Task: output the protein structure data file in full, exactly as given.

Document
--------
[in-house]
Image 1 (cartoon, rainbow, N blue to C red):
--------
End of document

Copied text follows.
[in-house]
Image 1 (cartoon, rainbow, N blue to C red):